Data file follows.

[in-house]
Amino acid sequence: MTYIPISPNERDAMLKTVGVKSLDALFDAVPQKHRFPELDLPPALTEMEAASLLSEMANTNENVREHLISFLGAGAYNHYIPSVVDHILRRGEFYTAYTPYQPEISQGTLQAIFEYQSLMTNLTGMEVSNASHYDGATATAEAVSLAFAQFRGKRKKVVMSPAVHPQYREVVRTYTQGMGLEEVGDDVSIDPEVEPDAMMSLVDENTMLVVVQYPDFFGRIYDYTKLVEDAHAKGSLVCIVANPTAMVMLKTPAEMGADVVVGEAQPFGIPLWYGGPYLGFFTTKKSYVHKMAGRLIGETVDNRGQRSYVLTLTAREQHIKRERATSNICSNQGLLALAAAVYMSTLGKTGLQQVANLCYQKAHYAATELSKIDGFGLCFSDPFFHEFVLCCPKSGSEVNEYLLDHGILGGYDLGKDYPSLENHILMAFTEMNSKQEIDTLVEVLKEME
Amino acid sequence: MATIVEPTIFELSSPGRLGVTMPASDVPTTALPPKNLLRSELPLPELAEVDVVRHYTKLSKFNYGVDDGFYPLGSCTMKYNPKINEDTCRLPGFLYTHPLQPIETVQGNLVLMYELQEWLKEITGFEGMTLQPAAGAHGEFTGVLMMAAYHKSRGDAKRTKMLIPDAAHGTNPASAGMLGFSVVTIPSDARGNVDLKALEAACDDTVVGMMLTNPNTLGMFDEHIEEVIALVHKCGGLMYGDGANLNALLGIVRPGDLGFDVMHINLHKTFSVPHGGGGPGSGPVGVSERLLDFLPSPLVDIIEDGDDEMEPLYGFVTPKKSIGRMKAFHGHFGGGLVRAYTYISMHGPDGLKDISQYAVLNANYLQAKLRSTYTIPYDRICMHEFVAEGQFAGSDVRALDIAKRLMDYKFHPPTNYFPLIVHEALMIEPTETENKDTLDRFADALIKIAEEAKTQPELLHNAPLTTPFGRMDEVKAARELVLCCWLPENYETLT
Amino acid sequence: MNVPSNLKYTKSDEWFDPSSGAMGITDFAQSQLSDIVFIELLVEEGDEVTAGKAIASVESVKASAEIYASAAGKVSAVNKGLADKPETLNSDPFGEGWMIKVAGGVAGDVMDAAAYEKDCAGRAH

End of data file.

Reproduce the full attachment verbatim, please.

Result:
[in-house]
Amino acid sequence: MTYIPISPNERDAMLKTVGVKSLDALFDAVPQKHRFPELDLPPALTEMEAASLLSEMANTNENVREHLISFLGAGAYNHYIPSVVDHILRRGEFYTAYTPYQPEISQGTLQAIFEYQSLMTNLTGMEVSNASHYDGATATAEAVSLAFAQFRGKRKKVVMSPAVHPQYREVVRTYTQGMGLEEVGDDVSIDPEVEPDAMMSLVDENTMLVVVQYPDFFGRIYDYTKLVEDAHAKGSLVCIVANPTAMVMLKTPAEMGADVVVGEAQPFGIPLWYGGPYLGFFTTKKSYVHKMAGRLIGETVDNRGQRSYVLTLTAREQHIKRERATSNICSNQGLLALAAAVYMSTLGKTGLQQVANLCYQKAHYAATELSKIDGFGLCFSDPFFHEFVLCCPKSGSEVNEYLLDHGILGGYDLGKDYPSLENHILMAFTEMNSKQEIDTLVEVLKEME
Amino acid sequence: MATIVEPTIFELSSPGRLGVTMPASDVPTTALPPKNLLRSELPLPELAEVDVVRHYTKLSKFNYGVDDGFYPLGSCTMKYNPKINEDTCRLPGFLYTHPLQPIETVQGNLVLMYELQEWLKEITGFEGMTLQPAAGAHGEFTGVLMMAAYHKSRGDAKRTKMLIPDAAHGTNPASAGMLGFSVVTIPSDARGNVDLKALEAACDDTVVGMMLTNPNTLGMFDEHIEEVIALVHKCGGLMYGDGANLNALLGIVRPGDLGFDVMHINLHKTFSVPHGGGGPGSGPVGVSERLLDFLPSPLVDIIEDGDDEMEPLYGFVTPKKSIGRMKAFHGHFGGGLVRAYTYISMHGPDGLKDISQYAVLNANYLQAKLRSTYTIPYDRICMHEFVAEGQFAGSDVRALDIAKRLMDYKFHPPTNYFPLIVHEALMIEPTETENKDTLDRFADALIKIAEEAKTQPELLHNAPLTTPFGRMDEVKAARELVLCCWLPENYETLT
Amino acid sequence: MNVPSNLKYTKSDEWFDPSSGAMGITDFAQSQLSDIVFIELLVEEGDEVTAGKAIASVESVKASAEIYASAAGKVSAVNKGLADKPETLNSDPFGEGWMIKVAGGVAGDVMDAAAYEKDCAGRAH